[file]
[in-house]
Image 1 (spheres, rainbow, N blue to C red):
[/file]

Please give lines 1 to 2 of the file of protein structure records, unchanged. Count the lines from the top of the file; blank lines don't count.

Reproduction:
[in-house]
Image 1 (spheres, rainbow, N blue to C red):